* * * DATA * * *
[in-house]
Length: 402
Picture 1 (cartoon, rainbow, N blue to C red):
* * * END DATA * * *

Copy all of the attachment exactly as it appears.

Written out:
[in-house]
Length: 402
Picture 1 (cartoon, rainbow, N blue to C red):